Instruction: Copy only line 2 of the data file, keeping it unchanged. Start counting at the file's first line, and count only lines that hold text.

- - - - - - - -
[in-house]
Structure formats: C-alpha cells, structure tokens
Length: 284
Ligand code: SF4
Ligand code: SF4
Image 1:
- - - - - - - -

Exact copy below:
Structure formats: C-alpha cells, structure tokens